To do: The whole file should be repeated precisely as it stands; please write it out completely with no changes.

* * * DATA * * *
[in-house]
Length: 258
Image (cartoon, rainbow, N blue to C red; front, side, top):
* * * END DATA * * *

[in-house]
Length: 258
Image (cartoon, rainbow, N blue to C red; front, side, top):